ASCO 2019: Diagnostic Performance of 18F-DCFPyL in the OSPREY Trial: Imaging in Patients with Known or Suspected Metastatic Prostate Cancer

Chicago, IL ( Accurate detection of prostate cancer is imperative to patient management, yet standard imaging methods perform poorly in accurately detecting metastatic prostate cancer. 18F-DCFPyL is a novel PET imaging agent that selectively binds to prostate-specific membrane antigen, a recognized target for prostate cancer. It is being developed for use in the initial staging of men with high-risk prostate cancer and for detection of metastatic or recurrent prostate cancer. The optimal administered activity for 18F-DCFPyL is 9 mCi and all organ exposures are <50 mGy. OSPREY was a prospective, multicenter study in patients with either newly diagnosed high-risk prostate cancer (cohort A), or known or suspected metastatic prostate cancer (cohort B). 

Cohort B included 117 men planned for image-guided biopsy of recurrent or metastatic prostate cancer who received 18F-DCFPyL, of which 93 were evaluable. 

Key inclusion criteria were:
  • Histologically confirmed adenocarcinoma of the prostate
  • Radiographic evidence of local recurrence or new or progressive metastatic disease demonstrated on MRI/CT, ultrasound or whole-body bone scan
  • Evidence of recurrence outside the confines of the prior treated site(s)
Key exclusion criteria were:
  • Prior radiation or ablative therapy to the intended site of biopsy, if within the prostate bed
  • Initiation of new therapy for recurrent and/or progressive metastatic disease since radiographic documentation of recurrence/progression
Sensitivity, positive predictive value (PPV), and safety of 18F-DCFPyL PET/CT were the key endpoints for Cohort B. 18F-DCFPyL PET/CT scans were evaluated by three independent, blinded central readers, and results were compared to histopathology as the gold standard. 

The sensitivity and positive predictive value (PPV) of 18F-DCFPyL PET/CT as compared to histopathology ranged from 92.9-98.6% (lower bound of 95% CI: 84.0-91.6%) and 81.2-87.8%, respectively. Diagnostic performance by anatomic location showed high sensitivity and high PPV in all sites of disease:

With increasing PSA, not surprisingly, PPV increased: 

Only two cohort B patients experienced ≥1 drug-related adverse events (dysgeusia and generalized rash), and both were mild (Grade 1) in severity.  The main limitation of this study is the small sample size, particularly among patients with low PSA.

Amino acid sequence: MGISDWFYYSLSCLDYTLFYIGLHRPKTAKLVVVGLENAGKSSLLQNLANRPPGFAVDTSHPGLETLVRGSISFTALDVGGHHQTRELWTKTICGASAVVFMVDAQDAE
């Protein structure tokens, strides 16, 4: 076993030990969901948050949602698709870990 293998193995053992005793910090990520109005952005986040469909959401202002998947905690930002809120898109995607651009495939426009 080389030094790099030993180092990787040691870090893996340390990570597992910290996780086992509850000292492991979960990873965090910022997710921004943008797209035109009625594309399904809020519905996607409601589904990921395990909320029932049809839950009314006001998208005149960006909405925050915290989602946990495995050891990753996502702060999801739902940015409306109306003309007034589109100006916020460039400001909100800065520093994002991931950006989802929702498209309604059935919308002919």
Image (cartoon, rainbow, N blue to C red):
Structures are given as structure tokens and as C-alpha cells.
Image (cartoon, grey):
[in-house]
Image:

Dr. Morris concluded that the results of Osprey cohort B:
  • Show that 18F-DCFPyL PET/CT was well tolerated and demonstrated high sensitivity and PPV in accurately detecting nodal, bone, and visceral/soft tissue metastases
  • A positive 18F-DCFPyL PET/CT scan is highly likely to represent pathologically proven distant disease, demonstrating the potential of 18F-DCFPyL as a PET imaging agent to favorably influence treatment planning
  • 18F-DCFPyL is being further studies as a PET imaging agent in biochemical recurrent patients in another prospective phase 3, multi-center, multi-reader trial (CONDOR)

Presented by: Michael J. Morris, Memorial Sloan Kettering Cancer Center, New York, NY

Co-Authors: Jeremy C. Durack, Ajjai Shivaram Alva, Hebert Alberto Vargas, Morand Piert, Russell Kent Pachynski, Frederic Pouliot, Jean-Mathieu Beauregard, Mark A. Preston, Atish Dipankar Choudhury, Lawrence Saperstein, Peter Carroll, Steven P. Rowe, Kenneth J. Pienta, Tess Lin, Vivien Wong, Melissa Nichols, Jessica Donato Jensen, Barry A. Siegel; Memorial Sloan Kettering Cancer Center, New York, NY; University of Michigan, Ann Arbor, MI; Memorial Sloan-Kettering Cancer Center, New York, NY; Washington University Medical School, St. Louis, MO; CHU de Quebec and Laval University, Quebec, QC, Canada; Université Laval, Quebec City, QC, Canada; Brigham and Women's Hospital, Boston, MA; Dana-Farber Cancer Institute, Boston, MA; Yale School of Medicine, New Haven, CT; University of California San Francisco, San Francisco, CA; Department of Radiology, Johns Hopkins University School of Medicine, Baltimore, MD; James Buchanan Brady Urological Institute, Johns Hopkins University School of Medicine, Baltimore, MD; Progenics Pharmaceuticals, Inc., New York, NY; Washington University School of Medicine in St. Louis, St. Louis, MO

Written by: Zachary Klaassen, MD, MSc – Assistant Professor of Urology, Georgia Cancer Center, Augusta University/Medical College of Georgia, @zklaassen_md at the 2019 ASCO Annual Meeting #ASCO19, May 31- June 4, 2019, Chicago, IL USA